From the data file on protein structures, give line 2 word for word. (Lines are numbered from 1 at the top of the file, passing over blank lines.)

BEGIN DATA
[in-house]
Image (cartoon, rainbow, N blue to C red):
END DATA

Image (cartoon, rainbow, N blue to C red):